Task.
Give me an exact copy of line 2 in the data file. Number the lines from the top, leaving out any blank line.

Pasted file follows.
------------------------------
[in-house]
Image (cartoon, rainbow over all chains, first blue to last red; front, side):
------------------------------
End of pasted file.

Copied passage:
Image (cartoon, rainbow over all chains, first blue to last red; front, side):